UNITY, Maine — A farming organization with a strong grassroots history announced Wednesday that it received a gift of $1 million to help support and train new farmers, the largest financial donation in its history.
Officials from the Maine Organic Farmers and Gardeners Association said that they were thrilled with the gift from the New York City-based Partridge Foundation, which also pledged an additional $1 million to MOFGA if the Maine group can raise a matching amount over the next 18 months. All the monies are to be used for MOFGA’s new farmer programming.
“This is really exciting,” Kamala Grohman, the development associate for MOFGA, said Wednesday. “It will be able to fund this program for years to come.”
She said that over the decades, more than 1,700 people have gone through the organization’s apprentice and new farmer training, including U.S. Rep. Chellie Pingree, who was an apprentice in 1975, the program’s first year.
According to Grohman, the Partridge Foundation has made other, smaller gifts to MOFGA in the past. The philanthropic family foundation was established by John and Polly Guth, who own a house on Sutton Island near Mount Desert Island. In a written statement, foundation officials said that the organization strongly supported farming.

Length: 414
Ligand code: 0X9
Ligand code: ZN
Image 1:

“Partridge Foundation is proud to seed MOFGA’s work in encouraging a new generation of organic farmers,” the statement read. “The matching grant format of our award promotes both our founder Polly Guth’s deep interest in healthful food and farming in her native New England and her zest for launching good small projects into broader-based appreciation and support.”
The Partridge Foundation has made significant gifts to other Maine institutions and organizations over the years, including $3.5 million to the College of the Atlantic in Bar Harbor since 2008 to fund a sustainable food systems program and to expand work in sustainable agriculture.
The foundation also has made it possible for the Rockland-based Island Institute to create a position as a resource for all the year-round island communities to help increase local food production and consumption.
In a 2011 issue of COA Magazine, Polly Guth said that she grew up on a New Hampshire farm, and when food shortages were feared during World War II, her mother said that the family would survive and help their neighbors survive. She expanded the farm, and Polly Guth said she had good memories of collecting eggs, milking a cow and raising vegetables, cattle and chickens.
“Both my parents were original environmentalists,” she said in COA Magazine.
That background is a good fit for MOFGA, founded in 1971 by people including back-to-the-landers, with a mission to help farmers and gardeners grow organic food, fiber and other crops, protect the environment and support rural communities, among other goals.
Grohman said that 89 percent of the organization’s journeyman farmers have stayed to farm in Maine.
“Into the future, we want to expand this program,” she said, adding that they will work hard to make the matching $1 million pledge.
“It’s big for us, though. We’re really pushing,” she said. “I think we’ll do it. It’s amazing how loyal our supporters are. The whole farm-to-table movement is huge right now — knowing what’s in your food, that you can trust where your food comes from. That is so important.”